There are a whole lot of opinions around NaNoWriMo (National Novel Writer’s Month) and its companion program, Camp NaNoWriMo… the latter of which begins today. There are plenty of articles written on why you should or why you should not NaNo. Some of the dissenting articles are vicious, claiming that “All NaNo-written work is garbage! Pure trash! And the people who participate are no-talent-hack-losers who don’t deserve a dime for their shitty writing!”
I’ll just go ahead and put this out there: I participate.
And here’s why.
I’m a writer with a day job and a family. My school-aged children are typical kids. Meaning, of course, that they need help with their homework, and I have to shuffle them off to this-or-that activity between school, dinner and bedtime. Writing is a priority to me on a soul-deep level. But so is sleep. And I actually like to interact with my family on a daily basis. I know, weird, right?
When it comes to scheduling in my writing, I find that time becomes a severely limited resource. I find time for flash fiction, poetry, blog posts and the occasional paying article. But writing a novel is a different process.
I have a touch (LOL ok, more than a touch) of what I like to call da VInci Syndrome. Leonardo da Vinci was the ultimate Renaissance Man. But despite his brilliance, he was the master of half-done projects.
*sheepishly raises hand*
That would be me, too. Just ask the portrait of a Chinese woman who remains half colored, clipped to my art board, resting on my bedroom dresser. Or talk to the almost-finished charcoal sketch of an Elven healer, tucked away in my closet. I started that one some time in the mid-90s. I think they’re about to band together and form a support group with my fifteen half-baked novels. They can hold meetings in my idea bin, where note cards have sat, untouched for decades.
For my entire life, any creative work that took longer than a week to complete left me feeling hopeless. It would never get done. It would never be good enough. Life happens way too often and way too intensely to allow me time to properly focus. By the time I get back to whatever I’ve started, I’ve changed. I’m in a new mindset. I’m not even in the same universe as that half-baked work. So why finish it?
That brings me to NaNoWriMo, 2014. I decided I was finally going to devote myself to a longer piece of fiction, and actually follow through and finish it. Honestly, going into the month of November, I gave myself a solid 38% chance of success. (Remember, most statistics are worthless, and made up on the spot) After all, I still had my kids, my job and all those other things, plus the holidays and… yeah. No way.
But then I made some contacts. They were people I’d never have met if not for NaNo. I joined an online writing group, where many of the other Geek-Mother-Writer-Women were participating. Each day, I’d get up early and write. I’d put down a few words over lunch. Sometimes I’d carve out some time after dinner and put down a few more words. I’d enter my daily count into the NaNo site, and I’d watch that little bar graph inch ever higher.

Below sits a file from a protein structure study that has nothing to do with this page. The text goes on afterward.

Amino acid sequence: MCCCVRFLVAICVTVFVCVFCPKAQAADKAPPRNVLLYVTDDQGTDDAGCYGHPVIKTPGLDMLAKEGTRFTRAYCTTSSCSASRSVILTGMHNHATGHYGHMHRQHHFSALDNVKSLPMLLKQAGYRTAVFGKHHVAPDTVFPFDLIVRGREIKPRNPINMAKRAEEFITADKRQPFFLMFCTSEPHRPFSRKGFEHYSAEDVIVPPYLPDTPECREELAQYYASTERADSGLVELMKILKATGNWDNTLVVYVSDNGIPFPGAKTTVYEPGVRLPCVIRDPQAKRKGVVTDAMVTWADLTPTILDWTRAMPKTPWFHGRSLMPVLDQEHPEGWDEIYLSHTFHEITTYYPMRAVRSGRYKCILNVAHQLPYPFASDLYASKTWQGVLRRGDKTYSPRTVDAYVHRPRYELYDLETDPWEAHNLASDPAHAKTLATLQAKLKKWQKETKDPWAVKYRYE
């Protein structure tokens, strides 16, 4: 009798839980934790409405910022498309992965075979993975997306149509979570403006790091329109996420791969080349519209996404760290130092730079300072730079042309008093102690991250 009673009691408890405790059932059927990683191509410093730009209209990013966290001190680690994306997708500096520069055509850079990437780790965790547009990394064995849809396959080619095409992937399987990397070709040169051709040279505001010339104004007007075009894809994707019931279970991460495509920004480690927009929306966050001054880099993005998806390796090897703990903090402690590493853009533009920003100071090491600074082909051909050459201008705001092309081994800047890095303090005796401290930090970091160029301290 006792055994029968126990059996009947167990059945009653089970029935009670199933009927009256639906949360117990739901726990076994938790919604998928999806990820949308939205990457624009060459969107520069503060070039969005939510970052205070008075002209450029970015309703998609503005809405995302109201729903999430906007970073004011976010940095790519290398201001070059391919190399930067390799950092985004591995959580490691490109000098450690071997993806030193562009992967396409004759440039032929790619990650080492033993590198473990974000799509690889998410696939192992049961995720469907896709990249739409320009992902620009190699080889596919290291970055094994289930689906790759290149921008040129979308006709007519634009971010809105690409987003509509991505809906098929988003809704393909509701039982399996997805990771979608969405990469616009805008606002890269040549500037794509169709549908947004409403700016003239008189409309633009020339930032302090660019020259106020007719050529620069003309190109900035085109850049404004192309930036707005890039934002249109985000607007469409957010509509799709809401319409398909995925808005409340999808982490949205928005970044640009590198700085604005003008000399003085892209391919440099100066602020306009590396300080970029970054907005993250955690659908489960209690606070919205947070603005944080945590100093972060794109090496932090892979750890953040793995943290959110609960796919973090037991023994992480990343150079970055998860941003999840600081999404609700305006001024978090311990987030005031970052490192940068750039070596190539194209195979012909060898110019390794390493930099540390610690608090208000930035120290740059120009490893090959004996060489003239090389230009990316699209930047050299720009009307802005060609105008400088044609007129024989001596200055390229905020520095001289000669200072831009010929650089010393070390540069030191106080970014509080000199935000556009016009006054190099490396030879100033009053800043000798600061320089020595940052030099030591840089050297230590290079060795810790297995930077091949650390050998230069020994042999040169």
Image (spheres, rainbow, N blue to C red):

Honestly, I think it’s the graph that pushed me over the edge and made me realize that I could, and would, finish that novel.
My novel had been one of those ideas that was sitting in my bin. It had percolated there, in the back of my mind, for more years than I care to admit. It was a solid and well-formed, whole story that just needed a little time and energy to put on paper.
I didn’t care about the 50,000 words at the start of November. I’m not competitive by nature, so the word “win” meant nothing to me. What I did care about was creating a story I could be proud of. One I would finish, and then edit and polish. I wasn’t in it for competition, but I did want to beat my own record of zero. When I actually hit that 50,000 word goal, I was delighted.
But I wasn’t done.
What NaNo gave me was NOT a race. It was NOT an exercise in “how much can I word-spew today?” It was a habit of daily writing, along-side an amazing network of new friends who shared similar struggles and who celebrated each other in times of triumph. In the end, it taught me that I would, could and did finish a novel. And once I finished the first novel, the confidence boost was tremendous. I knew I had it in me. I found the keys to my own inner vehicle to success.
Camp NaNo started today. I just sent Rising off for beta proof printing. Over the last several weeks, I’ve plotted and world-built for book 2 in my Adept Cycle series: Release. This morning, I got up at 5:30, and I put down some words.
Maybe it’s all just a psychological game I’m playing with myself. But considering the fact that it helps me, personally, to reach my own goals and build sustainable habits, I’ll take it.
If you’re asking yourself whether or not you think you should NaNo, I’d say, “give it a try.” The worst thing that happens is that you write a little every day. And from where I’m sitting, I can say with pretty good authority… that’s not a bad thing.